Another question may still be baffling you: why do new or occasional users sometimes experience bloodshot eyes after smoking if their blood pressure is likely to go up instead of down?

There’s a simple answer. Remember that the increase in blood pressure in newbies only lasts for a few minutes. After that, it goes back down – and that decrease in pressure causes their ocular capillaries to expand. Blood flow returns and their eyes may get red.

One more question: why doesn’t it happen to everyone?

Why Some Peoples’ Eyes Don’t Get Red When They Use Weed

We’ve already ruled out the possibility that weed smoke is the culprit. It’s THC, not smoke or vapor, that causes red eyes. Those who consume edibles or drop tincture under their tongue can wind up with bloodshot eyes as well. There has to be another explanation.

There is.

The amount of THC a user consumes largely determines how powerful the effects of weed will be. In most cases, high-THC strains will get you more stoned than low-THC ones. They’ll also have more of an effect throughout the body. That means blood pressure usually drops lower when you consume weed with high THC content – and your eyes are more likely to become red.

Other factors can also determine whether your eyes become bloodshot after marijuana use. Those with high THC tolerance due to heavy use or genetics may not experience a drop in blood pressure. And those who already have high blood pressure would have to use an awful lot of weed for their pressure to drop low enough to cause bloodshot eyes. (And a few people are simply allergic to marijuana.)

For everyone else, there’s one final question.

Can You Prevent Getting Red Eyes After Using Weed?

Needless to say, you can stop using marijuana. Assuming that option’s not on the table, the best approach is to choose strains that have low THC content. Of course, they probably won’t get you as high as you’d like, but your eyes won’t get bloodshot. (You can also limit yourself to nighttime smoking, so the red eyes are gone by the time you have to go out the next day.)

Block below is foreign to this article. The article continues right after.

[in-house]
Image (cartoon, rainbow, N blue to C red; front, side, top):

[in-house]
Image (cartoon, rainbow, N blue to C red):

Otherwise, your best bet is to minimize the length of time your eyes stay red. Caffeine is an effective vasoconstrictor, inducing blood vessels and capillaries to contract and restricting blood flow through the body. A few cups of coffee or some chocolate will turn your red eyes white faster than just going to sleep.

In a hurry? Coldwater is also a vasoconstrictor; taking an ice-cold shower will divert blood to the body’s core, and away from the eyes and head. A more palatable alternative: put an ice pack over your eyes. They won’t lose their bloodshot appearance right away, but it will speed the process.

Or you could just consider the red eyes you get from weed to be a stoner badge of honor, and wear them proudly.

Why Does Weed Make Your Eyes Red: FAQ

Q: How long do eyes usually stay red after smoking weed?
A: The bloodshot look can last as long as 8-12 hours if you have a very low tolerance to THC and have smoked very potent weed. In most cases, the effect will wear off in 3-4 hours, often sooner.

Q: Is there a difference in red eyes between people who smoke and those who eat edibles?
A: Yes. If you’ve tried edibles, you know that the THC takes longer to kick in; it first has to be digested in the stomach before the kidneys can send it on through the bloodstream. Edibles’ effects also last longer and are usually stronger. That means red-eyes won’t appear for at least an hour or two after consumption and can last as long as 12 hours.

Reference: 

Zou, S., & Kumar, U. (2018). Cannabinoid receptors and the endocannabinoid system: signaling and function in the central nervous system. International journal of molecular sciences, 19(3), 833. [1]

Abuhasira, R., Haviv, Y. S., Leiba, M., Leiba, A., Ryvo, L., & Novack, V. (2021). Cannabis is associated with blood pressure reduction in older adults–A 24-hours ambulatory blood pressure monitoring study. European Journal of Internal Medicine, 86, 79-85. [2]

Yazulla, S. (2008). Endocannabinoids in the retina: from marijuana to neuroprotection. Progress in retinal and eye research, 27(5), 501-526. [3]

Echeverri, D., Montes, F. R., Cabrera, M., Galán, A., & Prieto, A. (2010). Caffeine’s vascular mechanisms of action. International journal of vascular medicine, 2010.[4]